It seemed like the Lambert boys basketball team had finally discovered its foil matched up against Meadowcreek at home on Friday night in the first round of the Class 7A state tournament, but Andrew Melms hit a spinning, falling jump shot as the clock expired to give Lambert a 72-70 win.
Coming off of its first region loss of the season, it seemed things were finally starting to go poorly for the four-loss Longhorns. It was the first time in two seasons Lambert lost a region game, and it was the first time since December that Lambert had to play a game following a loss.
If circumstances couldn’t be more difficult, the flu virus begged to differ. Starter Matt Ganote, who covered the opposition’s best scorer all season, was out with the sickness and shortening Lambert’s depth.
Meadowcreek trotted out three players taller than 6-foot-5. Lambert was clearly outmatched in size, making the loss of Ganote even more impactful. The size difference was most apparent in the first half of the game. Lambert was being outrebounded and gave up plenty of easy looks to Meadowcreek’s big men.
Lambert trailed by as many as 11 points in the second quarter, and the frustration from the lack of offensive chemistry was evident on the faces of Longhorns players. But when the third quarter started, it was an entirely different ballgame.
The Meadowcreek lead evaporated in just 1 minute 47 seconds. Lambert went on an 11-2 run to start the third quarter for a 38-37 lead, its first of the game since the opening basket.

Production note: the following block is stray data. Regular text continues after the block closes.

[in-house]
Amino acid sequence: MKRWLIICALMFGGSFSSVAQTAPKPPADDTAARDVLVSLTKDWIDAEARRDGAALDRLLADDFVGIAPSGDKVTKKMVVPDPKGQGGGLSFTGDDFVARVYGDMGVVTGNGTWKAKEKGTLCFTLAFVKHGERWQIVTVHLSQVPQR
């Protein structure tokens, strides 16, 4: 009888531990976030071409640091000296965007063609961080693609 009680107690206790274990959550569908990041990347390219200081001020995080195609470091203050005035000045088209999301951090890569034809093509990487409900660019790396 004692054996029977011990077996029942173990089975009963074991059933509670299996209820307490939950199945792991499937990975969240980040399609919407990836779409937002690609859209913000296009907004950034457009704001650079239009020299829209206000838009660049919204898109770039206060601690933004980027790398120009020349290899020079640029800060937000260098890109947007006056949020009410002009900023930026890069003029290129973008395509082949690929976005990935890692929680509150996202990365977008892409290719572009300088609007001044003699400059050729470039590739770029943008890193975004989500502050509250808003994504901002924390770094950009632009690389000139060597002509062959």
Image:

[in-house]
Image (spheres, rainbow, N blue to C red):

“We needed to come out and move the ball a little bit more than we did in the first half,” Lambert Coach Scott Bracco said. “We played together as a team better.”
The next 14 minutes of play was as much back-and-forth basketball as you could handle. Lambert got big contributions from shooters Musa Thompson, Jordan McIlwain, and Damon Stoudamire, who combined for 38 points in the second half.
But the biggest play of the game came from the senior who has led the Longhorns all season. Point guard Andrew Melms has been an anchor for the team for three years. He won all-region first team honors this season, and came up big countless numbers of times throughout his career.
But none was bigger than Friday night.
After being held scoreless for the duration of the game, Melms stayed ready and confident. With the game tied at 70, Lambert passed the ball around for over a minute to hold for the last shot of regulation. With about eight seconds left, Melms drove to his left, stopped, spun, and elevated over his defender.
The next sound was the simultaneous swish of the net with the buzzer of the scoreboard.
“We were just trying to run out that one minute and get a good look at it,” Melms siad. “Coach let me make a play. Coach believed in me. I had a feeling somebody was going to hit that shot, and it just happened to be me.”